The US-led administration in Iraq is to establish a major credit facility "within weeks" to lubricate overseas trade after last week's lifting of UN sanctions, its head Paul Bremer announced on Monday. \n"It will be a substantial credit facility that first symbolically indicates to the world that Iraq is open for business and also provides a practical incentive to people who want to trade with Iraq," Bremer told a news conference. \nThe facility will be funded by a raft of private banks as well as the Central Bank of Iraq, he said. \nHe added that a further US$250 million of central bank reserves had been recovered undamaged from the bank's vaults after they had been drained of wartime flooding from the Tigris River by coalition troops over the past week. \n"We are now nearing the end of the first stage of our task here and entering a new stage," said Bremer, noting that government ministries, most power and water supplies, and a new police force were all now up and running. \n"The task now is to help the Iraqis rebuild their economy after decades of state control and mismanagement." \nBremer said the lifting of UN sanctions had been a "big step along this road." \n"Oil revenues will now all be used for the Iraqi people as we work to establish the first free economy here in years," he said. \n"Encouraging robust trade between Iraq and the rest of the world is a key part of our stra-tegy," he said, adding that a market economy was the "best protection for political freedom" in Iraq. \nBremer said the occupation had yet to work out any detailed economic policies, and was still looking at the closely related issues of trade tariffs, currency, and price deregulation. \n"We are in the process now of trying to establish what the relationship should be and what the steps should be. I don't have a preconceived view on that," he said. "Because the economy was so tightly controlled and interlinked, you can't change any one part of it, without changing it all." \nBremer said that for the moment the ration system on which some 60 percent of Iraqis depended for basic goods under former president Saddam Hussein would be preserved. \n"In the long term we would like to see market prices brought into the economy," he said. \n"At this point it would be premature for me to lay down specific guidelines [for foreign investment] and it's a matter that, in the end, an Iraqi government would want to make a contribution to discussing," he said.
Swedish Member of Parliament Hampus Hagman is pushing for changing the name of the nation’s trade office in Taipei to signal improved relations with “Asia’s perhaps foremost democracy.” Hagman on Wednesday last week proposed renaming the Swedish Trade and Invest Council to “Sweden’s Office in Taipei,” following similar changes by other nations. The Swedish Trade and Invest Council, part of Business Sweden, is owned by the Swedish government and Swedish industry. Taiwan and Sweden share important values such as respect for democracy, human rights, the rule of law and freedom of speech, Hagman said in the motion, adding that the two nations
TWO CASES: The five allegedly conspired with conglomerates, threatening the nation’s governance and subverting the rules of ethical conduct, a deputy chief prosecutor said Taipei prosecutors yesterday charged three legislators and one former lawmaker with contravening the Anti-Corruption Act (貪污治罪條例) in a case linked to former Pacific Distribution Investment Co (太平洋流通) chairman Lee Heng-lung’s (李恆隆) battle with the Far Eastern Group (遠東集團) over ownership of the Pacific SOGO Department Store (太平洋崇光百貨) chain, while independent Legislator Chao Cheng-yu (趙正宇) was indicted in a separate case involving two funeral services companies and a plot of land in a national park. Chinese Nationalist Party (KMT) legislators Chen Chao-ming (陳超明) and Sufin Siluko (廖國棟), Democratic Progressive Party (DPP) Legislator Su Chen-ching (蘇震清) and former New Power Party legislator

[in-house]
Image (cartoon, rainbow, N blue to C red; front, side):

PENGHU INSPECTION: Taiwan cannot let its enemies strut around in its airspace, Tsai said, one day after a Chinese spokesman denied a median line exists in the Taiwan Strait Following China’s assertion on Monday that there is no “median line” in the Taiwan Strait, President Tsai Ing-wen (蔡英文) yesterday pledged to defend the nation’s airspace during a visit to an air force base in Penghu, saying that Taiwan cannot allow others to flex their military muscle in its territorial airspace. Tsai praised the “heroic performance” of the pilots of the Indigenous Defense Fighters who have been intercepting Chinese People’s Liberation Army Air Force planes in recent days. “I have a lot of confidence in you. As soldiers of the Republic of China [ROC], how could we let enemies strut
EFFICIENCY: The rules for Philippine arrivals were revised after 17.6% of arrivals with symptoms tested positive, compared with 0.7% of those with no symptoms Starting today, Chinese spouses who hold a reunion permit can apply to enter Taiwan and travelers without symptoms from the Philippines do not need to be tested for COVID-19 upon arrival, but are to be tested after a 14-day quarantine, the Central Epidemic Command Center (CECC) said yesterday. Minister of Health and Welfare Chen Shih-chung (陳時中), who heads the center, said that from today, Chinese who are married to a Taiwanese citizen and hold a reunion permit can apply to the National Immigration Agency for entry into Taiwan. Chinese who are married to a foreign national and hold an accompanied reunion permit